The consultation is of relevance to CJS as an employer and also as a public body with a corporate plan commitment to ensure the effective reintegration into the community of people who have been convicted. Access to employment, housing, learning and volunteering are all routes to providing people with the opportunity to reintegrate successfully, to aid their rehabilitation and ultimately to reduce the likelihood of further offending. The proposals to amend the various disclosure regimes which currently govern the access to certain roles are therefore of direct relevance to CJS.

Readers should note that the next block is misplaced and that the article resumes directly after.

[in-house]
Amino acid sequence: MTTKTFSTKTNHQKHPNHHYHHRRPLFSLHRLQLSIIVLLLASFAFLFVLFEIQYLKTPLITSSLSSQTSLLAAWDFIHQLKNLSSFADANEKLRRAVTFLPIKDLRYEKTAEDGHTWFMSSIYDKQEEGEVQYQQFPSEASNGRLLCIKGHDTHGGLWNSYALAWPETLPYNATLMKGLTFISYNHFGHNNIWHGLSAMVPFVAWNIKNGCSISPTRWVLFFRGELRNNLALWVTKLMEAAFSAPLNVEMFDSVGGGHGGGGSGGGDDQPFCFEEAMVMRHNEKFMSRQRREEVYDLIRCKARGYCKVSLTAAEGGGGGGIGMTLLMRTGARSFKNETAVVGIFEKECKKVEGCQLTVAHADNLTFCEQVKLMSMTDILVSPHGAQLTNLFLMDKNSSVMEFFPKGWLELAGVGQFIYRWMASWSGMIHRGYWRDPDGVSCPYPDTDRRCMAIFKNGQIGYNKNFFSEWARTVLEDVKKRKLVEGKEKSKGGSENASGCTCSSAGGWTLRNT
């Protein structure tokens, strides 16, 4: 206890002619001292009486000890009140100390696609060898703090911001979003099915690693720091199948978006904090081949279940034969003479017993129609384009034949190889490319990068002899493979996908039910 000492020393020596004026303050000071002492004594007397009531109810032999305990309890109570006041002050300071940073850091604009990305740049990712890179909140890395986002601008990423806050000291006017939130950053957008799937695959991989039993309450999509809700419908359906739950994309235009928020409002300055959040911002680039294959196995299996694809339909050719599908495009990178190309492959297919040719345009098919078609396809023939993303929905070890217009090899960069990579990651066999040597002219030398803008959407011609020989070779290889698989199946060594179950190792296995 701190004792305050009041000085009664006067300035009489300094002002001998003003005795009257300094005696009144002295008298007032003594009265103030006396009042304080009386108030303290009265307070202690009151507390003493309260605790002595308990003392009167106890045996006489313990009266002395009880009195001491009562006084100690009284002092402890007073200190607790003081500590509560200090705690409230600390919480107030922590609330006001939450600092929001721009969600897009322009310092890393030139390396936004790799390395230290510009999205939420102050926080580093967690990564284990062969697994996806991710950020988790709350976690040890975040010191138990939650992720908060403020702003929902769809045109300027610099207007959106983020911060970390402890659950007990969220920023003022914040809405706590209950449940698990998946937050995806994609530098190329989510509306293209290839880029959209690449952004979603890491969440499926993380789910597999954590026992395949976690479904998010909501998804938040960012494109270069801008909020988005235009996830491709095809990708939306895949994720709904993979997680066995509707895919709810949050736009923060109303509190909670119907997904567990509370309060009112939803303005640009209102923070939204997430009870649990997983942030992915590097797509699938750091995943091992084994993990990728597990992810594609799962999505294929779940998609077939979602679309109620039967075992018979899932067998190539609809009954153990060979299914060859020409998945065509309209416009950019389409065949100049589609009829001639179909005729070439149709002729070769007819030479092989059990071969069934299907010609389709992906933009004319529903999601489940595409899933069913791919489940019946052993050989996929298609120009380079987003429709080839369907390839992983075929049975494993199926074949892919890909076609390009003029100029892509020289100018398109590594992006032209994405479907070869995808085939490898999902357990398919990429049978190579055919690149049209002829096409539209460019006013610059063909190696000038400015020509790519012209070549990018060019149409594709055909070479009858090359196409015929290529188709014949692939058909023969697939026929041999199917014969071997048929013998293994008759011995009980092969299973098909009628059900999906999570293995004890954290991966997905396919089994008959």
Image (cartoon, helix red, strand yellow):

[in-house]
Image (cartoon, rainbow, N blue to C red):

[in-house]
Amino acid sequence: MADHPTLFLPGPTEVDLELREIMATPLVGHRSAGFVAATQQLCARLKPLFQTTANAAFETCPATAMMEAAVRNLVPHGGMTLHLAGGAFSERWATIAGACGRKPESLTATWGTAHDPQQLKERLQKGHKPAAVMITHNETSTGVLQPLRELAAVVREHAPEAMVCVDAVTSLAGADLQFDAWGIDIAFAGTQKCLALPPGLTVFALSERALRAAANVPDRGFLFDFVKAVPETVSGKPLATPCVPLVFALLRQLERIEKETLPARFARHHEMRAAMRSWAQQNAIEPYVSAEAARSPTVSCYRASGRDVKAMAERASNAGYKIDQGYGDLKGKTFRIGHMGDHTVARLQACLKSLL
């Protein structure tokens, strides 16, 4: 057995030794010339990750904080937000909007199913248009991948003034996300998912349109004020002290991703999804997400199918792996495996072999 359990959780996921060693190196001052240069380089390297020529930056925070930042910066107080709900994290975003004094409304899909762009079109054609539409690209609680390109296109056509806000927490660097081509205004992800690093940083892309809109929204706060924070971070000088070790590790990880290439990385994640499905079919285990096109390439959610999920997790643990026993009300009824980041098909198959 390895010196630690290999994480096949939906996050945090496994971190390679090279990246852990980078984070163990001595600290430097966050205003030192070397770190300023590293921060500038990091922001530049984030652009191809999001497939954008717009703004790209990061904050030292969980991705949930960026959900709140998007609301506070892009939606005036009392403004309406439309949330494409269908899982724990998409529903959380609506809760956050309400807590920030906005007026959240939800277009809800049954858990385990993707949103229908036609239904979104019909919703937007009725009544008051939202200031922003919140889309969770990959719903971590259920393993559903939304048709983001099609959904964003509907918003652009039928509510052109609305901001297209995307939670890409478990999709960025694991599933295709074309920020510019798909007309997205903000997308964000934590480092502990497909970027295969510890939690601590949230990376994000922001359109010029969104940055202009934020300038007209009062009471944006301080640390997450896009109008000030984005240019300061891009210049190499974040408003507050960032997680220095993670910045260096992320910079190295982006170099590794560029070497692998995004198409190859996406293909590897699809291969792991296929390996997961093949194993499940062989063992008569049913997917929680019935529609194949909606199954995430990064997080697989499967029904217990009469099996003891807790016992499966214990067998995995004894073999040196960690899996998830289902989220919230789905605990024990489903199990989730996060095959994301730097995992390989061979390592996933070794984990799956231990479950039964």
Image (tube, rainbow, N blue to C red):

We acknowledge the point made in the foreword to the consultation that disclosure must strike a balance between safeguarding our communities on the one hand and enabling people to get into work. We agree that the current system is complex and that a more proportionate system must be developed, taking account of risks where they exist but also to allow for rehabilitation and reintegration. It is clear from research that after a period of 7-10 years with no further convictions, a person with a historic conviction presents no greater risk than those without a conviction.

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